FDP Company has been performing below the analysts’ earnings expectation, and the management must either increase production or reduce the prices of items, which would improve sales. Although the latter might raise the firm’s revenue, it may lower its income, therefore, using the former approach would be the most appropriate move towards increasing FDP’s reported profit. Company managers use several costing techniques such as the ABC, marginal, and absorption costing methods to create their income statements (Moisello and Mella 203). However, the most used system is full-costing because it absorbs all the expenses in the manufacturing process.
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Gary Price should understand that in the absorption costing system, fixed costs remain the same when the production units change, therefore, the more the items manufactured, the lower the fixed cost per unit. As a result, total expenses of producing goods reduce, leading to an increase in the firm’s income. Safiuddin claims that under the full-costing method, “the higher ending inventory gives rise to lower cost of goods sold and thus higher profit” (17). For this reason, the change in the manufactured units influences the absorption costing profits. Therefore, the management can increase the net operating income by producing several items even if they do not sell them.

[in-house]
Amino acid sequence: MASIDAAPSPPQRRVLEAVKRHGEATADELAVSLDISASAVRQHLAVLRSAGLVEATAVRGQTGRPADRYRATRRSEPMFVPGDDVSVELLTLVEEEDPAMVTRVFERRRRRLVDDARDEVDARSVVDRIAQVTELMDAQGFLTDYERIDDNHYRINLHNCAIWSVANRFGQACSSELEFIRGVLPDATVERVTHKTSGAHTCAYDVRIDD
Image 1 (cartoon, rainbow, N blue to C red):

If FDP’s management uses the full-costing method to produce several home security products and increase its reported profit, there will be an ethical concern. Both the firm’s directors and stockholders might not get an accurate picture of the income statement. For instance, the marketing department may misrepresent the cost they used to promote the company’s products if they realize that the net operating income increases whether the firm sells items or not. In essence, the administrators use absorption costing to help their companies attain short-term budgets, but in the long-run, they make losses.
In summary, company administrators can manipulate its income statement to reflect wrong figures to the directors and stockholders. In most cases, managers use the absorption costing method to skew the picture of their organization’s profits. Therefore, this technique might not be beneficial to experts when analyzing a company’s financial performance. In brief, institutional managers should avoid using the absorption costing method whenever they want to enhance their organization’s financial efficacy.
Moisello, Anna Maria, and Piero Mella. “Matching Revenues and Costs: The Counter-Intuitive Rationality of Direct Costing.” International Journal of Business and Management, vol. 15, no. 1, 2020, pp. 202-222.
Safiuddin, Mohammad. “Creative Accounting Practices by Bangladeshi Companies: A Study on Recent Share Market Crisis in Bangladesh.” Australian Academy of Accounting and Finance Review, vol. 4, no. 1, 2018, pp. 15-21.